Having travelled from Leeds we camped from Friday and expected Shenley Lane to be absolutely static when the gates opened each day, but I had a couple of family members living locally join us on each day with comparative ease although we did also suffer the four way traffic control on the way out yesterday.
Camping was well organised with sufficient toilets and showers despite there apparently being more than double the number of campers compared to last year. At £80 for four to camp for the weekend it turned out to be good value providing you didn't build it up in your mind and were prepared for lengthy pauses.
The big space at the western end of the site mentioned by Andy was the unused camping space and designated overflow car park, and perhaps it could have been used for disabled visitors, but the ground was hard and uneven in places and may have been problematic for some people with mobility problems. It would also have placed them further away from what seemed the busier part of the crowd line.
When we took a walk up to the hangar end of the airfield where the day entrance was, the crowd line was congested and the stalls did seem too close to the crowdline, but the permanent fence that runs at right angles to the runway just over halfway down the crowd line presumably encloses something else for the other 362 days of the year had the effect of discouraging day visitors to spread out in that direction, which made it nice for the campers who were treated to fast low take off runs on the Saturday, and then the beginning of the take off run when the very gentle breeze switched direction overnight. By mid-afternoon on Sunday, the western end was as a result very sparsely populated between the stalls and the crowd line
There is absolutely no doubt to me that the grass airstrip seemed much closer to the crowd line than Fairford, perhaps its narrowness supported an optical illusion but looking at Google maps today, I can see that the crowdline fence is 40m from the runway centreline so perhaps it just looked closer. There was no room for the C47 to taxi down the side of the runway on the crowd side, which was well used by parked fighters with enough room for them to taxi down and be nice and close to the crowd and ensured anything that wasn't tied down got blown away by the prop wash - I never saw how the VIPs in their picket fenced section coped with the cucumber sandwiches achieving cartoon status when the warbirds started up ten metres away!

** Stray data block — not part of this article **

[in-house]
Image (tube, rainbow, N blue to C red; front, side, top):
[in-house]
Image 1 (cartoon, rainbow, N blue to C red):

The proximity of the taxi strip to the crowdline (however long a Spitfire is plus 5m) meant bags of opportunities to see the aircraft taxi very closely.
Was it RIAT? No it wasn't and anyone expecting a seamless and pacy list of performances was on the wrong bus from the start, but was it value for money? Well compared to Scampton a couple of years ago it was absolutely worth it in my opinion, although my sister (herself on a free ticket courtesy of us only being able to buy camping passes for four) thought the £17.50 she might have paid was poor value, and she went to Farnborough last year! On the other hand people around us thought it was great, and like us are planning for next year. Undoubtedly the organisers won't have pleased all the people all of the time, but from our point of view - and taking the weekend as a whole - they nailed it. Kent is a place where WWII and the Battle of Britain in particular are remembered strongly, and the prevalence of re-enactors and period militaria made for a good ground display whenever the flying paused.
Looking to the flying performances themselves, the BBMF did put on a really good display, albeit they did take the fictitious trophy for furthest display from the crowdline - but it was still really dynamic. The Buchon v Spitfire segment was good too, and well supported by the commentator on the Sunday with air raid sirens, and simulation of a scramble call (after which the Spitfire sat on the ground for so long a real Me109 would have gone home on bingo fuel
) but again a great run around the skies with some cracking photo opportunities in the Kent sunshine.
Special mention for the Stampe team who managed to pull off the Red Arrows Gypo Break albeit at 70mph. Lots of tight circle tail chasing made a great - if sedate - spectacle too.
It might not have been WWII, but the Devon was missed, and with the gaps in the programme, it would have been nice to have got the Chipmunk up but at least as a fly-in it was there to be seen on the ground.
Last edited by mavvymoo
on Tue 09 Jul 2019, 8:39 am, edited 1 time in total.